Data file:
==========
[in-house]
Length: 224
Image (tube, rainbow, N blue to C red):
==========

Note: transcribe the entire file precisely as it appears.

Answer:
[in-house]
Length: 224
Image (tube, rainbow, N blue to C red):